• Deep breathing helps open air passages and prevent a lung infection. Slowly take a deep breath and hold the breath as long as you can. Then let your breath out. Take 10 deep breaths in a row every hour while awake. You may be asked to use an incentive spirometer to help you with this. Put the plastic piece into your mouth and slowly take a breath as deep and as long as you can. Hold it as long as you can. Then let your breath out.

Risks of a partial thyroidectomy:

You may bleed more than expected and need a blood transfusion. Your voice may be hoarse or weak after surgery, and this may become a long-term problem. Your neck may be bruised and swollen, and it may be hard for you to breathe or swallow. Your parathyroid glands may not work as well as they should after surgery. This can cause your calcium levels to drop too low. Low calcium levels can cause many problems, including an irregular heartbeat, muscle spasms, and seizures. This may be a short-term problem after surgery, or it may be a long-term problem.

Seek care immediately if:

  • You have sudden tingling or muscle cramps in your face, arm, or leg.
  • You have muscle spasms in your legs and feet that do not go away.
  • Blood soaks through your bandage.
  • Your stitches come apart.
  • You have sudden swelling in your neck or difficulty swallowing.
  • You have trouble breathing.
  • You have a seizure.

Contact your endocrinologist or surgeon if:

  • You have a fever or chills.
  • You feel very tired and cold, gain weight for no reason, and your skin is very dry.
  • You vomit several times in a row.
  • Your incision is red, swollen, or draining pus.
  • You have new voice weakness or hoarseness, or it is getting worse.
  • You have questions or concerns about your condition or care.


You may need any of the following:

  • Prescription pain medicine may be given. Ask your healthcare provider how to take this medicine safely. Some prescription pain medicines contain acetaminophen. Do not take other medicines that contain acetaminophen without talking to your healthcare provider. Too much acetaminophen may cause liver damage. Prescription pain medicine may cause constipation. Ask your healthcare provider how to prevent or treat constipation.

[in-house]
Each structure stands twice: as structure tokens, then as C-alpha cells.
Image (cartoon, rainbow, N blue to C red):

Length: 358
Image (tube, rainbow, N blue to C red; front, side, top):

• Thyroid medicine may be needed daily to keep your thyroid hormone level steady.
  • Take your medicine as directed. Contact your healthcare provider if you think your medicine is not helping or if you have side effects. Tell him or her if you are allergic to any medicine. Keep a list of the medicines, vitamins, and herbs you take. Include the amounts, and when and why you take them. Bring the list or the pill bottles to follow-up visits. Carry your medicine list with you in case of an emergency.

Follow up with your endocrinologist or surgeon as directed:

You will need to return to have your wound checked and stitches removed. You may also need blood tests to monitor your calcium, parathyroid, and thyroid hormone levels. Write down your questions so you remember to ask them during your visits.

Wound care:

Check the wound every day for signs of infection, such as redness, swelling, or pus. Carefully wash your skin near the incision wound area with soap and water. Dry the area and put on new, clean bandages as directed. Change your bandages when they get wet or dirty. You can use a mild body lotion to improve the scar.


Ask your endocrinologist if you need to take calcium or vitamin D and how much to take.

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The above information is an educational aid only. It is not intended as medical advice for individual conditions or treatments. Talk to your doctor, nurse or pharmacist before following any medical regimen to see if it is safe and effective for you.